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crucially that they oppose bail. >> and what is the theory right now about why this happened? >> you know, i think there are a lot of theorys out there, a lot of speculation, a lot of rumors. there was the sense that perhaps oscar had shot dead his girlfriend because he mistook her as an intruder. however, later on in the day, the police kind of dismissed this theory, the speculation saying it had never come from them. and they seem to point at more of a domestic violence scenario. >> lastly, you know oscar pistorius, he's a national hero, broken so many barriers, he's a symbol for so many. anything about his character that would lead to a discussion he's capable of something like this? >> i think this is why -- i think there's still a sense of disbelief from people like me interview people like him all the time. i'm still trying to struggle with the thought, is there
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another oscar pistorius? is there another deeply complex darker side to his character. the man i knew, and a lot of people knew -- all of us saw him as an open very sort of generous kind with his time. at the same time, he was driven and ambitious and disciplined. but he was a man who really was very charismatic. he was an open kind person. there's a deep sense of confusion as to how this all adds up. >> terrible situation, no matter the explanation. robin, thank you for joining us. just tough. tough anyway. we need more information there. we're going to get it as soon as we can. we're going to get caught up on other stories we're following right now. we have susan hendricks with a 360 bulletin for us. >> authorities in washington state say two fifth grade boys armed with a semiautomatic rifle, an ammo clip and a knife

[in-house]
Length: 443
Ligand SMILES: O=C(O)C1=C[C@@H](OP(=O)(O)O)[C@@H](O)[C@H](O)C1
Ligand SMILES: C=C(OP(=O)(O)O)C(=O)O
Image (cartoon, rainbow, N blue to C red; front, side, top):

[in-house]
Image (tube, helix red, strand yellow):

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plotted to kill a fellow student. senate republicans today blocked a vote to confirm chuck hagel. democrats fell short of the 60 votes they needed to end a filibuster. now, the senate will take up another vote on hagel on february 26th. and republicans have signals they are willing to allow the nomination to move forward arch a recess. the justice department says transocean deep water will pay a $400 million fine for its role in the 2010 deep water horizon explosion and oil spill in the gulf of mexico. as far as environmental fines, that is the second only to the $4 billion bp was penalized for its role in the spill. bp contracted transocean to do the drilling. banana joe, the affenpinscher who won best in show enjoys a steak on a silver platter at sardi's restaurant in new york city. much deserved. chris?
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>> he deserves the steak, you know why? look at the poise. he's sitting there, he has to hold his stance and people randomly grab his tail and lift him off the ground. he can't say anything. >> give me the steak. give me the steak. >> he's a cute little dog. >> and a champion. just ahead, we're going to go back to the arrival of the carnival triumph, when our 360 coverage continues. for your pe, helping you readjust your retirement plan along the way. rethink how you're invested. and refocus as your career moves forward. wherever you are today, a fidelity ira has a wide range of investment choices to help you fine-tune your personal economy. call today and we'll make it easy to move that old 401(k) to a fidelity no-fee ira.
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exclusive aerial video of the carnival triumph, expected in the port at mobile alabama within the next couple hours, about 11:00 p.m. eastern time. we will be here when it comes in live. some perspective now, on what passengers are going through. looking at a split screen. if you want to see what's going on with the carnival ship triumph, you must see it here on cnn. you will not see it anywhere